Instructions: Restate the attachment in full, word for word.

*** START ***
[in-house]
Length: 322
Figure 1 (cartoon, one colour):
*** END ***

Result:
[in-house]
Length: 322
Figure 1 (cartoon, one colour):